However, Barr and his colleagues are now planning to test new graphics software using Professor Palem's design or other upcoming probabilistic chips. Such designs might allow next generation cell phones and laptops to run for days more on a charge, while running significantly faster. While some artifacting might occur, it would only be a few missed pixels -- the overall image would remain. The human brain's imaging abilities can fill in most of this missing information, says Professor Palem. As he puts it, "In effect, we are putting a little more burden on the CPU in our heads and a little less burden on the CPU in our pockets."
Intel and other CPU makers have expressed interest in probabilistic designs, for lack of a clear die shrink solution in the long term. Professor Palem's results have them very excited. Shekhar Borkar, director of Intel’s Microprocessor Technology Lab lauds the work, stating, "This logic will prove extremely important, because basic physics dictates that future transistor-based logic will need probabilistic methods."
quote: So... What good is it then? "Here you go, this CPU is generally close enough to the right answer in its calculations. Use it for something!"
quote: Can you hear the difference between 0x11011001 and 0x11011010 on a cheap cell phone speaker?
quote: Can you hear the difference between 0x11011001 and 0x11011010 on a cheap cell phone speaker? probably not.
quote: So now, what can you use a device for that you KNOW will give wrong answers? games? nope,
quote: Even many scientific calculations would benefit from a huge increase in speed for the tradeoff of some precision. Stop being so alarmist and narrow-minded.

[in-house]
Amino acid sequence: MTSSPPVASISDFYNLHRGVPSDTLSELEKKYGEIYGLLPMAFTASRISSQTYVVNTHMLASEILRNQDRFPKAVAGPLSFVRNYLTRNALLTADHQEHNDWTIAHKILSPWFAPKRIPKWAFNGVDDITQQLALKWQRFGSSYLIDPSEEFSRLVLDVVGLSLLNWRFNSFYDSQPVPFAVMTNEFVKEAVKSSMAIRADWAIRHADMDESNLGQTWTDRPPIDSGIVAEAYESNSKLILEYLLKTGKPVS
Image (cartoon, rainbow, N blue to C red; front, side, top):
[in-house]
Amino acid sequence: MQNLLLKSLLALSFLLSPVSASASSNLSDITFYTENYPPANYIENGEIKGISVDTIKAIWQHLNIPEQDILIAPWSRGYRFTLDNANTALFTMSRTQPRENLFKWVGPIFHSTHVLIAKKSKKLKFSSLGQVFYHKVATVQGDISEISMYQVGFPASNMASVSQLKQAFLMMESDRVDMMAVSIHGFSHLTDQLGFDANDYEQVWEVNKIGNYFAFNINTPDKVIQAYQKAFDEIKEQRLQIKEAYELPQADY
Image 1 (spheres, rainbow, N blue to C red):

quote: NEVER once had I ever had either the incredible vision or the hand eye coordination to aim at a SINGLE PIXEL on the screen
quote: this CPU would inherently bring an unknown quantity of error into all computed calculations
quote: It is always better to do something slow and accurate, then fast and imprecise in the science world
quote: Well, how can you know the amount of error the CPU will bring? Will it not be different with every calculation,
quote: You forget that the error of the CPU will compound on itself. If it is off by a fraction of a degree on one calculation, takes that result and calculates from it again, it'll have an increased error on the next calculation
quote: Add in a processor that is increasing variance with every calculation, and it doesn't matter how much faster it is
quote: I'm afraid I will just have to disagree with you completely on this matter
quote: You forget that the error of the CPU will compound on itself. If it is off by a fraction of a degree on one calculation, takes that result and calculates from it again, it'll have an increased error on the next calculation based on the error from the first result being reused.